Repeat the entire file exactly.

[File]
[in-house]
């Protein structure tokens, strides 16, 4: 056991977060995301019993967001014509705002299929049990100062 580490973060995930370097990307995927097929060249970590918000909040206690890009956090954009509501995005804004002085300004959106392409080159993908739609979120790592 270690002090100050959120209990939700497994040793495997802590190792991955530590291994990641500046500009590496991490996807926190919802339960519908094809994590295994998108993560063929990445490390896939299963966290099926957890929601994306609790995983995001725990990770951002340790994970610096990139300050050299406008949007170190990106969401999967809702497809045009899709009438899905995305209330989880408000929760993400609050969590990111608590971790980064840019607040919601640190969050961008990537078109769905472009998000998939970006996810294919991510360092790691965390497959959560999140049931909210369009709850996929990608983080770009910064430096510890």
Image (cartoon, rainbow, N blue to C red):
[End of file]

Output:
[in-house]
């Protein structure tokens, strides 16, 4: 056991977060995301019993967001014509705002299929049990100062 580490973060995930370097990307995927097929060249970590918000909040206690890009956090954009509501995005804004002085300004959106392409080159993908739609979120790592 270690002090100050959120209990939700497994040793495997802590190792991955530590291994990641500046500009590496991490996807926190919802339960519908094809994590295994998108993560063929990445490390896939299963966290099926957890929601994306609790995983995001725990990770951002340790994970610096990139300050050299406008949007170190990106969401999967809702497809045009899709009438899905995305209330989880408000929760993400609050969590990111608590971790980064840019607040919601640190969050961008990537078109769905472009998000998939970006996810294919991510360092790691965390497959959560999140049931909210369009709850996929990608983080770009910064430096510890």
Image (cartoon, rainbow, N blue to C red):